A Repeat Performance
Bending your wrist, raising your arm above your head, or working with your elbow at an awkward angle- each is a simple movement you use to perform your job throughout the day. But if you repeat these or other motions over and over again while you work or play, you may develop repetitive motion injuries (also called cumulative trauma disorders or CTD). It could be days, months, even years before symptoms of pain or tingling appear in your hand or arm. But if you know how to work and play smart, symptoms may never appear. And if they do, you can take steps to prevent them from getting worse.
Are You at Risk?
If you use the same hand or arm movements each day, you could be at risk for developing repetitive motion injuries. Use this inspection checklist, to see if you’re likely to develop repetitive movement problems. If you check even one box, take steps now to reduce your chances of a repetitive motion injury.
Do Movements Include…
- Using a lot of repetition in your hand and arm-either at work or play?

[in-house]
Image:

- Frequently bending your wrist?
- Frequently grasping or pinching objects?
- Frequently raising your arm above your shoulder?
- Frequently using a lot of force with your hand or arm?
Do Symptoms Include…
- Waking up at night because of pain in your hand or arm?
- Numbness in your fingers, hands, or arms?
- Tingling in your hand or arm?
- Ongoing aches in your hand or arm?
Working into Repetitive Motion Injuries
Repetitive motion injuries don’t just happen. By combining highly repetitive motions with fast, forceful movements and awkward positions over a period of time, you may set yourself up for repeat motion problems. Over using your hand or arm without giving them a chance to rest increases the odds of injury. The result? Pain and Minimal Movement. You have to break the pattern work: play smart and learn how to prevent repetitive motion injuries and their symptoms. Then you can avoid repetitive motion problems and look forward to remaining active and productive.
A Formula for Trauma
Are you setting yourself up for repetitive motion injuries? You’re more likely to get them if you frequently use too much force or repeat the same movements.
Whether your goal is to prevent repetitive motion injuries or to recover from them, just a few simple exercises can bring about big benefits. Exercise can help prevent further injury by increasing your strength and endurance. As a result, you’re more likely to stay healthy and able to work comfortably for longer periods of time. Your practitioner can help set up a daily exercise program for you. Developing a general plan of action that helps you live a healthy lifestyle-both on and off the job-is another good move you can make to keep in shape